The toughest undertaking will be the creation of a system of governance that is both representative and responsible. Over the years, institutions of democratic governance have been destroyed, not only during frequent spells of authoritarian rule but also by the tendency of elected rulers to adopt authoritarian ways. The country must have governments that function within the Constitution, which do not replace cabinet rule with prime ministerial fiat — for which the Supreme Court recently censured the government.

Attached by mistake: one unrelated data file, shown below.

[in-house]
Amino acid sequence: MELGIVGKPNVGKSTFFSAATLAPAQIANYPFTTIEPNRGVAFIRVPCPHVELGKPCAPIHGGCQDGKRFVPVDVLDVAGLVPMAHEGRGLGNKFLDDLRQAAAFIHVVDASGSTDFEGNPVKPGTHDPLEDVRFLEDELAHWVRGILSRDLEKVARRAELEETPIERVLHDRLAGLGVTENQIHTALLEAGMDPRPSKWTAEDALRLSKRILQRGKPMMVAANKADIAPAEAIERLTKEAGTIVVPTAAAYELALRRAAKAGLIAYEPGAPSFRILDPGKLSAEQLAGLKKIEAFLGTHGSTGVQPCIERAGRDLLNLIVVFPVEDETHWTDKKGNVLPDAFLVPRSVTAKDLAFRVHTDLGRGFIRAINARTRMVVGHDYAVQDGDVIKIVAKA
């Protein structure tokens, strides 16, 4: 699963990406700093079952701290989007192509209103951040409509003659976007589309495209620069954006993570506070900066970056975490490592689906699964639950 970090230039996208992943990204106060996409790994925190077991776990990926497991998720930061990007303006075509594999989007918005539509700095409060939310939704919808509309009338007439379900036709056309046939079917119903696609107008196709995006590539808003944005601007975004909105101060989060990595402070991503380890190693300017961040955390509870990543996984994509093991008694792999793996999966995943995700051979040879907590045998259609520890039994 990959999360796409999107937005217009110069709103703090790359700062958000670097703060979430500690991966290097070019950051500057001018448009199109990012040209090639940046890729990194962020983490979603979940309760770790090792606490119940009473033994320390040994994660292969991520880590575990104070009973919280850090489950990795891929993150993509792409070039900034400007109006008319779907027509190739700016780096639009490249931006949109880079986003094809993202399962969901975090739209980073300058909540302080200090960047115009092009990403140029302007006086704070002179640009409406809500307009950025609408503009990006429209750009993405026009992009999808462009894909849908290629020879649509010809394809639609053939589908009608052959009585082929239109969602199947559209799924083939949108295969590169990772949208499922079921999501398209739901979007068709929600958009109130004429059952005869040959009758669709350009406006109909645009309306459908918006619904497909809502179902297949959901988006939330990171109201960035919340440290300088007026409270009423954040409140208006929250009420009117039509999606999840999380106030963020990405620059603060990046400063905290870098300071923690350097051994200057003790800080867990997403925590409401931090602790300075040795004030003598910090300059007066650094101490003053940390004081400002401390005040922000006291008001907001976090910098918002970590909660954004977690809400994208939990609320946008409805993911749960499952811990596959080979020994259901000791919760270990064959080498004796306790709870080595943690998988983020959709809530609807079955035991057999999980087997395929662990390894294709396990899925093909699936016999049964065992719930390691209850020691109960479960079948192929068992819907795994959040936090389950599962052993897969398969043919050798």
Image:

Pakistan needs a political system that can, for instance, stabilise Balochistan through a political solution addressing the alienation of its people, a system that goes beyond the 18th Amendment (instead of craving for its roll-back), and that is capable of rejecting the thesis of militant extremists instead of competing with them. If Pakistan cannot move towards a complete overhaul of governance, its objectives and implanted policies, it will not be able to achieve even simpler targets, such as the registration of births and the control of crime, and will remain trapped in a ‘fragile situation.’